Other Hikers. I must say, on this trip I met the friendliest hikers out there. Everyone greeted me. I saw lots of southbound thru hikers also as they are heading for final destination of Springer Mtn in GA, only weeks away (and boy were they happy!). It was great to see such a collection of friendly hikers out there enjoying the trail. The only issue I saw among most – no one was wearing blaze orange!!

Animals. In this section of trail it is not so much the bears but ponies and longhorn cattle! In several instances the cattle stood directly on the trail. The horns were quite intimidating, I must say. I did

what I usually do with bears, talked to them like my dogs in a confident manner and they thankfully moved. But it was still nerve wracking.


Overuse. Because of the persistent high miles over rough terrain, I am now nursing a fairly bad anterior tibial tendonitis on my right leg. Even after four days of basically no walking t is still bothering me. So the rule is – don’t overdo or you will suffer the consequences! And that is something I ought to know by know! Check out tips on my Overuse blog.

Sunset at Thomas Knob Shelter


Observations and Lessons Learned on Section Hikes Series:






Friday, October 14, 2016

Safety and Hikes in the Fall Season


Max Patch in NC
There’s nothing better than a backpacking trip in the woods at the peak of leaf change. The air is crisp, the colors of the changing leaves brilliant, and the expectation is there for adventure and recreation. With that in mind, here are a few tips that will help your trip go smoother and more enjoyable. 

Changing Weather – Fall can be a time of changing weather patterns. From warm to cold, bright sunshine to rain, make sure you are prepared for your trip. Check the weather before you venture out. Make sure your sleeping bag is of an adequate rating and you have enough warm layers. Include a good hat. Check out this blog too for ways to stay warm when the temperatures dip and what to bring when it rains. Carry the food you will need with a day extra to spare, just in case. Bring maps and a guidebook for the area in which you will be hiking, and include a phone in case of trouble. Know the signs and symptoms of hypothermia.

Wear blaze orange
Bears and Wildlife – This is the time of year when wildlife is foraging for food to keep them during the long winter months. They tend to be more aggressive and are on the hunt for food. Make sure you are using bear-proof techniques to hang your food. The PCT method works well for bears accustomed to hiker food strung up the usual way. Check ahead of time to see if there are any bear warnings for the area where you plan to hike (such as in the Smokies that routinely closes shelters for bear activity. Check out the Bear facts of Life blog for tips on handling black bear encounters. Don't be afraid to be aggressive though if bears are sighted near shelter and tenting areas. Shout, bang pots, throw rocks, bark loudly  like a dog (which works very well. There's even apps for your phone!). Bears should NOT be there in those areas.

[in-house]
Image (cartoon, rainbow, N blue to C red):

Leaves and Acorns – No one would think acorns and leaves can disrupt a trip. But wet leaves makes the trail slippery which can cause injury. Piles of leaves can hide rocks and other impediments on the trail. 
Acorns rolling under your feet act like marbles to trip you up. Take extra care on the trail when encountering this minor obstacles to prevent ankle twists or other injuries. Sometimes fallen leaves and obscure the trail. Be sure to have a map with you and a compass also. 


Hunting season - Fall means hunters are out sharing the woods and trail. Wearing blaze orange is a must. Know the hunting regulations where you will be hiking. Watch for dogs that are assisting hunters also. Check out the blog on hunting tips to keep you safe on the trail. 

Where are the colors at their peak? Check out the fall foliage map

Finally, some top fall hikes in different states -

In the Smokies
New York and New Jersey
New England
Washington State
Colorado
New Hampshire
CNN's take Includes Virginia




Tuesday, October 11, 2016

Five Reasons to Attend Hiker Festivals and Workshops

Sometimes the expense, time away, and distance to attend a hiker festival or workshop may not seem like a worthwhile investment. But having just returned recently from The Gathering – the Appalachian Long Distance Hiker (ALDHA) premier festival that occurs every October during Columbus Day weekend, I have discovered several really good reasons for taking the time out to come gather with other hikers – 
1.     Education. Despite the trail miles we may have put on or the adventures we have seen, there is always things we can learn from others. The Gathering I just attended had a multitude of workshops covering a variety of topics: from various hiking trails found around the world, to How To, to preserving the trails we love. All of them provided ways to learn.  Even if the festival does not have workshops, attending informal gatherings provides time for feedback about different hiker topics and thus, education (for instance I received valuable info on the Florida Trail and the Benton MacKaye Trail just by chatting with hikers). You can take your backpack to many events and have a shake down from fellow hikers and discuss gear options. And speaking of invaluable education – be sure to check out the all day workshop we conduct in March to get ready for spring hiking (registration opens in December).